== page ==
AFRICA: Libya Puts Spotlight on AFRICOM
Puting the Combat in Combatant Command
The allied intervention in the Libyan revolt/civil war has turned the spotlight on one the United States’ newest and least understood military organizations: U.S. Africa Command, known as AFRICOM.
AFRICOM has spent years of trying to allay the fears of African political leaders, pundits and peace advocates who suspect the command is either a secret strike force for American imperialism to grab the continent’s natural resources, or the 21st Century version of Gunboat Diplomacy. But we wonder if AFRICOM’s stated message of supporting peace and stability has been undermined at all by the command’s involvement in Joint Task Force Odyssey Dawn.
The United Nations-Security Council-authorized and Arab League-backed operation – ostensibly to implement a No Fly Zone over Libya and protect civilians from attacks by strongman Muammar Qaddafi’s military – has included multiple missile and aircraft strikes against Qaddafi’s air defense system and armored columns menacing rebel strongholds.
While that has sparked an outcry from peace activists, lawmakers and human rights advocates in the U.S. and Europe, we’re waiting to see how this plays with folks in Africa. Three African nations currently on the Security Council – South Africa, Nigeria and Gabon – all voted in favor of U.N. Resolution 1973, which in effect calls for the No Fly Zone. While no Security Council members voted against the resolution, Brazil, Russia, India, China and Germany abstained from voting.
Ugandan president, Yoweri Museveni, has condemned the U.N. military action as well as the anti-Qaddafi rebels. But opposition parties in his country call his position hypocritical in light of his own lengthy autocratic rule and long-time friendly relationship with Qaddafi, according to local papers via the AllAfrica.com website. Museveni has penned a lengthy piece on his relationship with Qaddafi in Foreign Policy.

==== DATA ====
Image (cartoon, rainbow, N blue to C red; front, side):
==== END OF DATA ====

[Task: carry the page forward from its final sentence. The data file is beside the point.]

The African Union – which opposes the military intervention – called a meeting today (March 25) in Addis Ababa, Ehiopia to try and broker a truce invited representatives from the Qaddafi government and the rebel faction, as well as the U.N. Security Council, the European Union and neighboring Arab countries. But the rebels say they won’t negotiate with Qaddafi’s regime
At least one prominent African political leader, Paul Kagame, the president of Rwanda – a country that is no stranger to bloodshed – has spoken out in favor of the U.N. military action. In an opinion piece, Kagame says when his country was wracked by ethnic strife in 1994 during which nearly one million people died, the international community was slow to respond – “failing to intervene to prevent a state killing its own people.”
“Given the overriding mandate of Operation Odyssey Dawn to protect Libyan civilians from state-sponsored attacks, Rwanda can only stand in support of it,” Kagame wrote.
Although the African Union was also slow to respond to the Libyan crisis, the Rwandan leader faulted the international community for not including the African group in the decision-making process even though the Arab League was consulted.
“African Union support for Operation Odyssey Dawn would have acted as a further deterrent to other African leaders who might be tempted to target their own people with violence,” Kagame concluded.
Meanwhile, NATO – which is taking over command of the Libyan intervention – said Canadian Lt. Gen. Charlie Bouchard will be running Odyssey Dawn. That should be a relief for AFRICOM and its new commander, Army Gen. Carter Ham, who in the early days of the air war over Libya was the public face of U.S. forces in the operation. AFRICOM’s area of responsibility includes every African country except Egypt, which is overseen by Central Command.
The newest of the six regional combatant commands, AFRICOM was created by the second President George Bush in 2007 to coordinate humanitarian relief operations and train local militaries – all as a stabilizing force on the continent. The military training is aimed at professionalizing local armed forces so they protect rather than oppress their citizens, and equipping them to handle transnational threats like al Qaeda or other terrorist groups.
But no African government, save Liberia, would allow AFRICOM’s headquarters within its borders. AFRICOM continues to be based at Kelley Barracks in Stuttgart, Germany and has no permanent armed force in Africa or anywhere else for that matter. Half of its 1,200 personnel are civilians.
Entry filed under: Africa, BRIC (Brazil, Russia, India, China), Counter Insurgency, International Relief, National Security and Defense, Special Operations, Weaponry and Equipment. Tags: Africa, African Union, AFRICOM, Air Force, Army, Brazil, China, counter terrorism, Gabon, Germany, helicopter, India, Libya, military aviation, NATO, Navy, Nigeria, pirates, Rwanda, soft power, South Africa, Topics, Uganda.